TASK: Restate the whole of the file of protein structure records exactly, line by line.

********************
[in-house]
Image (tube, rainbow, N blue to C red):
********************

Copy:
[in-house]
Image (tube, rainbow, N blue to C red):